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Last Updated: Friday, 25 January 2008, 07:30 GMT
People power that empowered Wales
Tower Colliery
Workable coal reserves at Tower Colliery are exhausted
For a perfect example of 'people power', look no further than Tower Colliery.

When 239 workers at the coal mine in Hirwaun, south Wales, bought their pit in 1995, a year after it was closed down, experts warned it would not work.

With sacked staff pooling their 8,000 redundancy money to raise 2m, it was a gamble many feared would not reap rewards.

But 13 years on, as the pit closes for the last time because of dwindling coal reserves, the worker-owners can hang up their hard hats knowing they proved the doubters wrong.

TOWER HISTORY
Tower miners
1805 The site of the colliery was first worked
1864 The first drift, named Tower, was started on Hirwaun common
March 1984 Thousands of miners went on strike after it was announced 20 pits were to close with the loss of 20,000 jobs
1985 After a year of striking, miners agreed to go back to work - but pits closed rapidly over the next few years
1994 The industry was privatised and British Coal closed Tower Colliery on April 22, saying it would be uneconomical to continue production
Local MP, Ann Clwyd, staged a sit-in in the mine to protest against its closure, 2m was raised by 239 miners, led by Tyrone O'Sullivan to buy Tower
1995 After being told their bid was successful, the miners marched back to the pit as its owners on January 2
1999 An opera tells the story of the Tower rescue
2001 A contract to supply Aberthaw power station secures jobs at the pit
2004: Celebrating 10 years of the buy-out, Tyrone O'Sullivan said: "We've competed with the world. It's not that we've been lucky."
2006: Dwindling coal seams are blamed for the decision to close Tower within three years
Source: BBC archives

Tower Colliery provided jobs for men who had feared for their futures as mines closed across the country, in the years following the 1984-85 miners' strike.

These men refused to accept the fate forced upon them when the pit closed in 1994 - they knew better than anyone that the pit's seams were thick with quality anthracite coal.

And after returning to work as mine-owners, they turned the pit's fortunes around.

Soon, Tower was turning in a profit, year after year, and secured major contracts at home and abroad, despite setbacks including an earthquake which caused a methane gas leak.

It shared its success with the residents of Hirwaun, keeping a strong sense of community spirit in an area where unemployment brought bleak times for many other valley towns and villages.

And it helped Wales progress into a stronger nation - First Minister Rhodri Morgan said himself last month that the buy-out of Tower was a pivotal moment in national self-confidence and paved the way for devolution.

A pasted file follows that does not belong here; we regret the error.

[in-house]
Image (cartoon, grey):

As Tyrone O'Sullivan, the man who led his colleagues in Britain's only miners' buy-out, said: "Many people said to me when we went back, 'Oh, we will be lucky if we have three years Ty' or 'it all makes a difference even if it's only two years'.

"And lo and behold, here we are 13 years on. So I think it's been a great success but mostly it's shown that ordinary working people can control their own life."

For both the workers and members of the local community, the closure of the pit is devastating - but provides a moment to reflect and be proud.

Ryan Tamlin
Coal is on its way back so I think this will be a good trade in the future to have
Ryan Tamlin

Jenny Williams, 61, who worked in the pit's kitchen and was among those who gave money to Tower, said "It was a gamble at the beginning and a lot of people said not to do it.

"But it did succeed and it brought a lot of work."

Even children, who attended the final Tower Colliery Christmas children's party, were aware of the significance of the pit's closure.

Michael O'Sullivan said: "It's really sad. I wanted to work there but I can't. I don't know what I will do now."

And what of the miners for whom life has revolved around Tower?

For many, they are laying their hope of work at the newly-opened Aberpergwm drift mine in the Neath Valley.

They believe coal is making a comeback in Wales, providing them with more security than they could have anticipated in the dark days of the 1980s.

Ryan Tamlin, 19, who has already transferred from Tower to Aberpergwm, said he followed his father into mining after college because it is a "recognised trade".

"It's a good place to be because they're expanding," he said.

"Coal is on its way back so I think this will be a good trade in the future to have."

With these words, you suspect Tower Colliery's closure may not represent the final chapter in the story of mining in south Wales.



SEE ALSO
Can Britain go back to coal?
19 Oct 04 |  Magazine
Can the UK coal industry survive?
04 Mar 04 |  Business

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